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Cahners Gets Real About W-ASPs

The market for Wireless-enabled Application Service Provider's (W-ASP) is not looking so hot according to a report from research firm Cahners In-Stat Group, which says the growth in use of wireless services has not aided the W-ASP industry in 2001.

The report, 'W-ASPs -- How Potent is Your Sting', cites the limited bandwidth of public wireless networks and the lack of interest shown in using wireless access devices such as WAP-enabled phones and Palmtops for accessing applications, allow wireless-accessible hosted applications to only survive in a few niches, largely within specific vertical markets.

According to Kneko Burney, a director at In-Stat: "The future of W-ASPs rests keenly on the growth and evolution of the wireless Internet and the comfort-level of U.S. business professionals using the Internet to interface with various applications," she speculates.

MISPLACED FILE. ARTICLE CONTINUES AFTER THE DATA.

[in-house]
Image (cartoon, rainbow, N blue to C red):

Surmising that the market does show promise in the long-term, Burney believes that growth for these hosted services in both U.S. business and consumer markets will be at best moderate in the next 2-3 years.

She says the current economic climate combined with the awkward nature of wireless access devices for using applications, and the often non-strategic nature of the applications, will lead to only a gradual adoption over the next 5 to 7 years.

In-Stat estimates that in 2001, W-ASPs support around 230,000 U.S. subscribers, comprised of U.S. business end-users in firms with more than 100 employees for the most party. This is a minor improvement on 2000 figures, reporting 226,000 W-ASP subscribers. Cahners also found that:

— More than 90% of current W-ASP subscribers reside in the business markets.

— The overwhelming majority of subscribers work for firms with more than 100 employees, where roughly 68% of these work for enterprise businesses, estimated at more than 140,000 subscribers in 2001.

— W-ASPs provision the infrastructure and services to deliver applications over the wireless network for a fee. These providers could also make these applications accessible via the public "wired" Internet in tandem with wireless networks.